What’s the Buzz? Assessing Efficacy, Synergisms, and Sustainability of Pollinators in Southern Highbush Blueberry (Vaccinium  corymbosum  L.) 

Project Overview

Project Type: Graduate Student
Funds awarded in 2021: $16,493.00
Projected End Date: 08/31/2023
Grant Recipient: University of Florida
Region: Southern
State: Florida
Graduate Student:
Major Professor:
Dr. Rachel Mallinger
University of Florida

Information Products


  • Fruits: berries (blueberries)
  • Animals: bees


  • Crop Production: pollination, pollinator habitat

    Proposal abstract:

    Southern highbush blueberry (Vaccinium corymbosum L.) is highly dependent upon insect pollination with fruit set and berry weight both decreasing dramatically in the absence of pollinators. Due to this, the abundance and efficacy of pollinators is closely tied to successful blueberry production. In Florida, previous research has shown that wild pollinator visitation rates are low. This leaves growers reliant on managed honey bees (Apis mellifera L.), and still often receiving unsatisfactory pollination due in part to honey bees limited efficacy as blueberry pollinators. Bumble bees (Bombus impatiens), which are capable of buzz pollinating and can be stocked as managed pollinators, have been shown to be more effective pollinators; we found that increasing bumble bee stocking density improves fruit set and yield despite low overall visitation rates as compared to honey bees, indicating a disproportionately positive impact on blueberry pollination. However, the use of these two managed pollinators together to achieve optimal pollination has not been well studied despite the growing proportion of farmers who invest in both pollinators during bloom. The objective of this study is to test the hypothesis that managed bumble bee deployment facilitates and improves the efficacy of non-buzz pollinators by increasing rates of pollen release. Additionally, southern highbush blueberry breeding selections will be assessed to determine their attractiveness to buzz pollinators including their pollen quantity and release rates. The proposed research will provide a better understanding of whether utilizing both managed bumble bees and honey bees together is an economically sustainable approach to improving blueberry pollination.


    Project objectives from proposal:

    Objective 1: Assess synergy between buzz pollinators and honey bees. The first objective will focus on the pollen deposition of honey bees both in the presence and absence of buzz pollinators. This will provide insight into the mechanisms by which honey bees are able to encounter and deposit blueberry pollen. We know that honey bees are depositing small amounts of pollen when visiting blueberry flowers, even during nectar foraging (Rogers et al. 2013, Benjamin and Winfree 2014). However, it is not clear how they are coming into contact with pollen and what role previous visitors, including buzz pollinators, are playing. Are honey bees able to release pollen on their own despite their inability to buzz pollinate or are they encountering pollen as a result of previous buzz pollination? If the latter mechanism is correct, then the presence of buzz pollinators would likely have a synergistic impact on pollination by increasing pollen release and facilitating honey bee pollination efficacy.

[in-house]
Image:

Objective 2: Evaluate pollen quantity and release rates across blueberry genotypes. The second objective will assess how breeding selections vary in pollen quantity and release when buzz pollinated. This will provide a framework for assessing what breeding selections could receive optimal pollination services from both buzz and non-buzz pollinators. We predict that cultivars will vary in their total available pollen quantity as well as the release rate of pollen that occurs in response to buzz pollination. These two factors in combination would influence the amount of pollen that visitors would encounter, thereby influencing both pollinator recruitment and pollen transfer. In collaboration with the Blueberry Breeding Program at UF, we will be able to highlight certain selections to inform future breeding efforts. This outcome would provide producers with cultivars that exhibit greater pollination success.

    Objective 3: Examine the influence of floral traits on pollinator visitation and behavior. Finally, the third objective will examine the influence of these pollen traits including pollen quantity and release rates on pollinator recruitment and pollination efficacy. If these traits are in fact impacting pollinator recruitment and behavior, they could play a key role in pollen transfer and pollination success.. These understudied traits could play an important role in the attraction and effectiveness of pollinators and represent an area of interest for plant breeding to improve pollination. Examining variation across selections in pollen quantity and release will enhance our understanding of why growers report differences in fruit set and yield across cultivars as well as improve our understanding of the efficacy of pollinators.

    Any opinions, findings, conclusions, or recommendations expressed in this publication are those of the author(s) and do not necessarily reflect the view of the U.S. Department of Agriculture or SARE.